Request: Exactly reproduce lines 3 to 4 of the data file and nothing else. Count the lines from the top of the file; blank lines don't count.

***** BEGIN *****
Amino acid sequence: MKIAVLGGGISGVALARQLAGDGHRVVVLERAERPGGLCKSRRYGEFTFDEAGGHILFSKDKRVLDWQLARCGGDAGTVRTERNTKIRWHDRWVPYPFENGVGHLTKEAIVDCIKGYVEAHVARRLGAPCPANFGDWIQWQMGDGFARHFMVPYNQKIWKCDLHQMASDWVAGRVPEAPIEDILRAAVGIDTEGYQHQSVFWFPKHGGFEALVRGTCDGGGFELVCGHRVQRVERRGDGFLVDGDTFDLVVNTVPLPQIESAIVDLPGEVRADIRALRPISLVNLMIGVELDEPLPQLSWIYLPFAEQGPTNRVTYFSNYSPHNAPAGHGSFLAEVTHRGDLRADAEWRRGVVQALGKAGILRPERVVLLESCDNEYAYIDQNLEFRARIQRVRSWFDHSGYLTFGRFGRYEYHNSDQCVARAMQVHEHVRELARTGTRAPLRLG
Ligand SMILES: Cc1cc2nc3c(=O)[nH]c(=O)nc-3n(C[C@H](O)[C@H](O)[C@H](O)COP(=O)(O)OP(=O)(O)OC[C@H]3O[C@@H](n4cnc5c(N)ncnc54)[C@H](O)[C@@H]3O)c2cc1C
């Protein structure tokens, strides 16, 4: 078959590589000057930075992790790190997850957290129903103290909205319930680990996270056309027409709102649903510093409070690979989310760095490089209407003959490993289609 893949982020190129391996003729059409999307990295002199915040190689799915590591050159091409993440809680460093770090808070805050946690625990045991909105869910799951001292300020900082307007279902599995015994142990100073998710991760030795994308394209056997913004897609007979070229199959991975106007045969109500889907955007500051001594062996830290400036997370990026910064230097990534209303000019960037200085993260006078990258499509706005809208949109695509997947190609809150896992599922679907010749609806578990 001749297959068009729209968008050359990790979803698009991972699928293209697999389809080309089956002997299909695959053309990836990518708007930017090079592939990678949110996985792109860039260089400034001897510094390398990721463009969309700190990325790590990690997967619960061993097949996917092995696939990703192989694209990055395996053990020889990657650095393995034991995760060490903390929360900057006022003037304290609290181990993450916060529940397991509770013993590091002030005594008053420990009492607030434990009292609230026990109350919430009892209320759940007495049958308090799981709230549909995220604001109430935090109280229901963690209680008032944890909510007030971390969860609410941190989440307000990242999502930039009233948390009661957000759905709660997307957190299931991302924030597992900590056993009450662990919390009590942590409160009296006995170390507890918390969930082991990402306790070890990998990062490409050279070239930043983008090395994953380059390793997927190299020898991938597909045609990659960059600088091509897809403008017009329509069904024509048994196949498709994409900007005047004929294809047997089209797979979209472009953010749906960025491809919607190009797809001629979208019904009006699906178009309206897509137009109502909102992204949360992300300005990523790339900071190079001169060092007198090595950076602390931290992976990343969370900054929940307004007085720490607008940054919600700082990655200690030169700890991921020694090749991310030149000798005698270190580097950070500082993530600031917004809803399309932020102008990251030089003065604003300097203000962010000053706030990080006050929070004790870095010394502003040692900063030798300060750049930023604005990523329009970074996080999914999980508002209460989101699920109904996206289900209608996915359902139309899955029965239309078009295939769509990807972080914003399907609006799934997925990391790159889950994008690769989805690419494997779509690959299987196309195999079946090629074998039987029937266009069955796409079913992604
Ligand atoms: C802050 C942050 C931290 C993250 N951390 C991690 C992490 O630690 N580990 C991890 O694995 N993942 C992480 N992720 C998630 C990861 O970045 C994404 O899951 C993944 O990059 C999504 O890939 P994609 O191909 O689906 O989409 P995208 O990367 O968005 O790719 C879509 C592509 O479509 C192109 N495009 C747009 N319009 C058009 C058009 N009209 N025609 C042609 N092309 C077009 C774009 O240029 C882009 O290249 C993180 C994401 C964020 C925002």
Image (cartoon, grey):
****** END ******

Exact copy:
């Protein structure tokens, strides 16, 4: 078959590589000057930075992790790190997850957290129903103290909205319930680990996270056309027409709102649903510093409070690979989310760095490089209407003959490993289609 893949982020190129391996003729059409999307990295002199915040190689799915590591050159091409993440809680460093770090808070805050946690625990045991909105869910799951001292300020900082307007279902599995015994142990100073998710991760030795994308394209056997913004897609007979070229199959991975106007045969109500889907955007500051001594062996830290400036997370990026910064230097990534209303000019960037200085993260006078990258499509706005809208949109695509997947190609809150896992599922679907010749609806578990 001749297959068009729209968008050359990790979803698009991972699928293209697999389809080309089956002997299909695959053309990836990518708007930017090079592939990678949110996985792109860039260089400034001897510094390398990721463009969309700190990325790590990690997967619960061993097949996917092995696939990703192989694209990055395996053990020889990657650095393995034991995760060490903390929360900057006022003037304290609290181990993450916060529940397991509770013993590091002030005594008053420990009492607030434990009292609230026990109350919430009892209320759940007495049958308090799981709230549909995220604001109430935090109280229901963690209680008032944890909510007030971390969860609410941190989440307000990242999502930039009233948390009661957000759905709660997307957190299931991302924030597992900590056993009450662990919390009590942590409160009296006995170390507890918390969930082991990402306790070890990998990062490409050279070239930043983008090395994953380059390793997927190299020898991938597909045609990659960059600088091509897809403008017009329509069904024509048994196949498709994409900007005047004929294809047997089209797979979209472009953010749906960025491809919607190009797809001629979208019904009006699906178009309206897509137009109502909102992204949360992300300005990523790339900071190079001169060092007198090595950076602390931290992976990343969370900054929940307004007085720490607008940054919600700082990655200690030169700890991921020694090749991310030149000798005698270190580097950070500082993530600031917004809803399309932020102008990251030089003065604003300097203000962010000053706030990080006050929070004790870095010394502003040692900063030798300060750049930023604005990523329009970074996080999914999980508002209460989101699920109904996206289900209608996915359902139309899955029965239309078009295939769509990807972080914003399907609006799934997925990391790159889950994008690769989805690419494997779509690959299987196309195999079946090629074998039987029937266009069955796409079913992604
Ligand atoms: C802050 C942050 C931290 C993250 N951390 C991690 C992490 O630690 N580990 C991890 O694995 N993942 C992480 N992720 C998630 C990861 O970045 C994404 O899951 C993944 O990059 C999504 O890939 P994609 O191909 O689906 O989409 P995208 O990367 O968005 O790719 C879509 C592509 O479509 C192109 N495009 C747009 N319009 C058009 C058009 N009209 N025609 C042609 N092309 C077009 C774009 O240029 C882009 O290249 C993180 C994401 C964020 C925002």